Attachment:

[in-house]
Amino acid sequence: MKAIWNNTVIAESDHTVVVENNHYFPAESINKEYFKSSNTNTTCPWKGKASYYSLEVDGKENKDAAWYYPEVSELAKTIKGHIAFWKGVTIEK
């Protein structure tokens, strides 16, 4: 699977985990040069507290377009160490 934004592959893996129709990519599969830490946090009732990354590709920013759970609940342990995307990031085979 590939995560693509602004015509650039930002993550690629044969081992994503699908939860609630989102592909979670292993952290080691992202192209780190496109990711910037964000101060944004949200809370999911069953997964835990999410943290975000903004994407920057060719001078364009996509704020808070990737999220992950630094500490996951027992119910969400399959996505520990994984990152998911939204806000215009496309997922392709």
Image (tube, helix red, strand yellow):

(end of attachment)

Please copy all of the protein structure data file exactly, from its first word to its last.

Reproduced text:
[in-house]
Amino acid sequence: MKAIWNNTVIAESDHTVVVENNHYFPAESINKEYFKSSNTNTTCPWKGKASYYSLEVDGKENKDAAWYYPEVSELAKTIKGHIAFWKGVTIEK
């Protein structure tokens, strides 16, 4: 699977985990040069507290377009160490 934004592959893996129709990519599969830490946090009732990354590709920013759970609940342990995307990031085979 590939995560693509602004015509650039930002993550690629044969081992994503699908939860609630989102592909979670292993952290080691992202192209780190496109990711910037964000101060944004949200809370999911069953997964835990999410943290975000903004994407920057060719001078364009996509704020808070990737999220992950630094500490996951027992119910969400399959996505520990994984990152998911939204806000215009496309997922392709």
Image (tube, helix red, strand yellow):